An unborn baby waits to be born. In the cramped confines of his mother’s womb, just weeks before his due date, an extraordinarily educated and eloquent little one is having a rough time of it. He muses about the bitter, conflict-ridden world he is soon to enter, he lists the reasons to be optimistic about the twenty-first century, he gets a good deal closer to his mother’s sordid sexual activities than anyone would care to (don’t go there, too much information).
But most horrifically of all, he overhears his mother and her brother-in-law-turned-lover plotting the dastardly murder of the baby’s father. In the space of a short, tightly-constructed novel, McEwan gives the reader yet another reworking of a Shakespeare play, this time Hamlet. Trudy and Claude (get it?) plot to poison Trudy’s estranged but apparently adoring husband, John Cairncross. There are repeated references to famous Shakespearean quotations and even a description of a preferable form of poisoning than the one they chose, involving dropping the toxin into the ear, just in case any reader has failed to notice the literary parallel so late in the story.
Depending upon one’s angle, Nutshell is either a devastating satire of modern bourgeois London life or a particularly grotesque product of it. Unlike the original Hamlet, the motive for the murder of a kindly poet is to grab his one lucrative asset—a posh if delipidated house worth millions—the would-be murderess is a bored, lazy podcast addict who thinks nothing of boozing her way through the final weeks of her pregnancy, the man she has fallen for is a tedious middle class encyclopaedia of clichés who happens to be good in the bedroom department.
Even the instrument of murder feels horribly appropriate to the North London setting: a smoothie used to hide the taste of the anti-freeze. The hapless baby himself shows a detailed knowledge of fine wines, reveals moments of snobbery and appears already to have fallen into postmordernist cynicism regarding religion. About terrorist attacks, we are told: “It wasn’t hatred that killed the innocents but faith, that famished ghost, still revered, even in the mildest quarters. Long ago, someone pronounced groundless certainty a virtue. Now the politest people say it is … Europe’s most virtuous spectre, religion and, when it faltered, godless utopias bursting with scientific proofs, together they scorched the earth form the tenth to the twentieth centuries.” Goodness, the wonders of modern gynaecology, that it was possible for our unborn protagonist to read Richard Dawkins in utero—or possibly he heard those anti-theistic dulcet tones on yet another of his mother’s podcasts.
The murder plot itself is meticulously researched and horribly compelling to read. Likewise, the unravelling of Trudy and Claude’s hideous union is entirely psychologically plausible given the weight of guilt they both share. Nor is the story without its moments of insightful social comment and wicked satire. The female police officer with her “mild cockney” quickly establishes her authority over Trudy’s “expensively constrained vowels”, reflecting the changes in British class structures during the second half of the twentieth century. Earlier in the narrative, the protagonist imagines his future at university: “I’ll be in need of the special campus safe room equipped with Play-Doh and looped footage of gambolling puppies. Ah, the intellectual life! I may need advance warning if upsetting books or ideas threaten my very being by coming too close, breathing on my face, my brain, like unwholesome dogs.” The mockery of the contemporary obsession with safe spaces and trigger warnings is acerbically rammed home and impossible not to enjoy, even if the reader is left with the impression that McEwan has certainly fallen foul of such censorship and is settling a score.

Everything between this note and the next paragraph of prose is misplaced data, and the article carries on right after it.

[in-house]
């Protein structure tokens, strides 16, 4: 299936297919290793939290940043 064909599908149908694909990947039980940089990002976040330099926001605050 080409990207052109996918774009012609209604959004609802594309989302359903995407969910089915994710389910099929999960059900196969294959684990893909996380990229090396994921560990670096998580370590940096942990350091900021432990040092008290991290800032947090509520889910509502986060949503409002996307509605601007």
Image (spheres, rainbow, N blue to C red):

If aspects of the social setting feel grotesquely believable, the characters themselves vacillate between vivid and ludicrous—and I do not mean the fetal philosopher who guides us through the story. Both John and Claude are flesh-and-blood characters; the first a big-hearted eccentric poet who would be interesting to speak to for about five minutes before his obsession with iambs became insufferable; the other a dull, shallow materialist dealing in banalities. At the same time, none of the characters are convincingly the right age. The implication is that the men are in their thirties, the main characters are all supposed to be members of my generation but the men in particular felt much more of McEwan’s vintage, late middle age and a little adrift in the modern world.
But then, the unborn baby felt so very like McEwan in amniotic disguise, commenting on a world he both despises and represents, that the dated personas of the other characters should hardly have come as a surprise.
Nutshell is a book worth reading purely for the unusual narrative perspective and its flashes of stunning prose but it is worth taking an anti-emetic beforehand. McEwan is a master craftsman at the top of his game but he is a craftsman so obsessed with the ickiness of modern living that reading his books can feel at times like wading through an open sewer. The novel’s noted satirical brilliance has its moments but never quite makes up for the book’s deficiencies. Ultimately, there is only so far a novel can satirise Britain’s chattering classes when the author comes across as one of its card-carrying members.
Nutshell: A Novel
by Ian McEwan
Nan A. Talese; September 2016
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